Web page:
Rahe says acutely affected pigs are better than chronic pigs for sample submission and agent isolation. Sampled pigs should represent what is being observed in the herd. He also emphasizes that findings/diagnosis in one pig could be an isolated case and not necessarily representative of the herd. Correspondingly, the same finding in multiple animals then adds confidence in a herd level diagnosis.

Rossow emphasizes that structure of the pig is directly tied to function, so addressing lameness concerns is essential. She says abnormal structure equals abnormal function with related consequences affecting pig health and performance. Understanding of disease initiators versus promoters also helps develop effective prevention and treatment protocols. Rossow reiterates the importance of using a diagnostic lab, saying VDLs have the people, time and tools for extensive investigation.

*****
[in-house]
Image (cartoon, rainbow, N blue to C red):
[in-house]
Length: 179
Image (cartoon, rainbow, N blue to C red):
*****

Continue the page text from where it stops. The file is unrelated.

As the world deals with the COVID-19 pandemic, SHIC continues to focus efforts on prevention, preparedness and response to novel and emerging swine disease for the benefit of U.S. swine health. SHIC is funded by America's pork producers to fulfill its mission to protect and enhance the health of the U.S. swine herd. 

Source: Swine Health Information Center, which is solely responsible for the information provided, and wholly owns the information. Informa Business Media and all its subsidiaries are not responsible for any of the content contained in this information asset.
Hide comments
account-default-image

Comments

  • Allowed HTML tags: <em> <strong> <blockquote> <br> <p>

Plain text

  • No HTML tags allowed.
  • Web page addresses and e-mail addresses turn into links automatically.
  • Lines and paragraphs break automatically.
Publish